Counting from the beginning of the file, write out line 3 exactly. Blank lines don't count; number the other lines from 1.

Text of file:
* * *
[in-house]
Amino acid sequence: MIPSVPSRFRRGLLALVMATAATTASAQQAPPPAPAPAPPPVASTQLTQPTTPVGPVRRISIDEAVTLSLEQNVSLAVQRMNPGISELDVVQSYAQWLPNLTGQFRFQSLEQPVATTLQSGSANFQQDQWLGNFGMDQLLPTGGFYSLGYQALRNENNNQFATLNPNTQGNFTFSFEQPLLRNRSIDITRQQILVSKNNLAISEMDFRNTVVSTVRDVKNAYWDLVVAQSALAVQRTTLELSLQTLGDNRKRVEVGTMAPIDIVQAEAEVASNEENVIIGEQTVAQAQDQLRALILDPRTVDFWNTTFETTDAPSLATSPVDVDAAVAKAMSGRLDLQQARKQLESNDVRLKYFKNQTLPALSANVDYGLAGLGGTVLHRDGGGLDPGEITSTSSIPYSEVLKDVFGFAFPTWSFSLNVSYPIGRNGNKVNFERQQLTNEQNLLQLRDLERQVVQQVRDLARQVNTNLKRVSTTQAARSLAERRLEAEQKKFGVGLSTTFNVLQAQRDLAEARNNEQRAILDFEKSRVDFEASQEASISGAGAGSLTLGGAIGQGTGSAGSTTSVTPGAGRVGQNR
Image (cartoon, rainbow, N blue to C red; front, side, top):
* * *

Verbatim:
Image (cartoon, rainbow, N blue to C red; front, side, top):